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Start planning early to avoid costly patent legislation
[June 21, 2006]

Start planning early to avoid costly patent legislation

(Western Mail Via Thomson Dialog NewsEdge) With the Blackberry and the iPod each having been involved and continuing to be involved in patent suits in the US over recent months Lee Fisher, a partner specialising in intellectual property law at Morgan Cole considers the impact of these cases on Welsh technology businesses and the lessons that can be learnt

INTELLECTUAL property lawyers are often heard to say 'Where there's a hit there's a writ!' referring to the fashion for musicians or lyricists to appear almost from nowhere and claim income from hit singles.

It seems, however, that it's not just a passing fashion in the music industry with probably the two most recognisable gadgets of the 21st century finding themselves embroiled in court proceedings in the United States relating to patent rights.

The owners of Blackberry, Research in Motion (RIM), recently announced annual sales of over $2bn, and there are now estimated to be over five million Blackberry users worldwide.

The iPod is thought to be one of the key factors behind the rejuvenation of Apple Computer Inc which itself recorded record annual revenues in excess of $14bn last year.

With figures like these it is perhaps therefore no surprise that other businesses are keen to seek their slice of the revenue by arguing that they effectively 'got there first'.

Faced with the potential threat of having to withdraw their technology from the market Canadian-based RIM paid the US company NTP a $612.5m settlement following a lengthy four-year court battle over the technology used to forward emails to Blackberries.

Perhaps unsurprisingly to those who follow US patent law, less than two months after the settlement in March, RIM, now saddled with a reputation of settling claims against it, faces a claim from another US base rival, Visto, once more claiming patent infringement in relation to the technology underlying the Blackberry.

It seems therefore that the growing number of executives on the move who rely on Blackberries cannot yet breathe a sigh of relief.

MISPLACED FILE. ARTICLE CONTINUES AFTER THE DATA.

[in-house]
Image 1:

While there are certain differences between the patent law in the United States and that in the United Kingdom the basic principles behind the law are the same.

Patent law is based on a 'bargain' with the Government. On the inventor's side the inventor provides the Government with information about his new invention which is then published worldwide. In return for this the Government provides the inventor with a period of monopoly for 20 years during which other parties will generally not be allowed to make, import, sell or use for commercial purposes the invention.

Patent protection can be granted to either a product or a process, for example a method of doing something, although there are certain exclusions, such as scientific theories, which are not patentable.

To be granted a patent the inventor must show that the invention is new in the sense that the invention has not been discovered elsewhere by somebody else and is not obvious to a reasonably skilled man in the particular field in question.

As in the US, patent cases in the UK are time-consuming and notoriously expensive both in terms of legal fees and the damages which might ultimately be payable.

So what steps can a business take to avoid such litigation? Well the answer is that a business needs to be planning as early as possible in the lifecycle of a product.

Any business which relies on innovative products or technologies (and most other businesses too to a lesser degree) needs to have a policy in place to ensure that not just its patent rights, but all intellectual property rights, are protected and that it does not infringe other rights.

Ensure that relevant staff are trained so that they can identify where a right may exist. When identified a right should be protected. The cost is minimal compared to the associated revenue which can be lost by allowing competitors into the market place.

All businesses should have who someone takes responsibility within the organisation for developing intellectual property, preferably at board level.

Businesses should consider whether the rights can be licensed to other businesses, possibly in different market or geographical areas, to increase revenue.

If the right is not being used at all it may be worth considering an outright sale. Finally if the business needs capital and there are limited fixed assets intellectual property rights are increasingly being used as security to raise additional finance.

Enforcement and protection of your rights through the courts should be an eventuality which every business has contingency plans in place for. As the right increases in value and market awareness it is inevitable that others will attempt to copy it, or even claim that it is a copy of theirs.

If a business does not feel it will have the funds to run or defend such an action it may wish to consider putting in place intellectual property right insurance to cover its liability.

Review the rights of your business regularly. Ensure that ideas within the business are being captured and recorded and protected where necessary. If there are rights that are not being utilised by the business consider their sale.

These steps should be viewed as an investment for the future and ultimately will lead not only to an increase to the asset value of the business but also to the revenue generated.

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